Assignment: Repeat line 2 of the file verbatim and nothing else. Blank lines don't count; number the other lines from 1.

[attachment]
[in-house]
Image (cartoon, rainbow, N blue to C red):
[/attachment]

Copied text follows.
Image (cartoon, rainbow, N blue to C red):